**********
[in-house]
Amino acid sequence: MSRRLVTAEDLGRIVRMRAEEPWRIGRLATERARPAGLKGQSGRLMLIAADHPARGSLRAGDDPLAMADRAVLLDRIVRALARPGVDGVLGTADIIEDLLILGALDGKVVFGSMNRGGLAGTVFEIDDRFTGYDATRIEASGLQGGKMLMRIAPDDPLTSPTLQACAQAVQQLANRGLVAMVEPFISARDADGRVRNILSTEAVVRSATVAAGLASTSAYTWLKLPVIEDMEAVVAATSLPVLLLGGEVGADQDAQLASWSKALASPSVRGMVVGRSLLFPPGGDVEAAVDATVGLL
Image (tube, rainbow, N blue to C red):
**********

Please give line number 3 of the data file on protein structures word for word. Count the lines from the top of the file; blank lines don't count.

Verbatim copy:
Image (tube, rainbow, N blue to C red):